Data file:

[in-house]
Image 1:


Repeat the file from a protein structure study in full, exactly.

[in-house]
Image 1: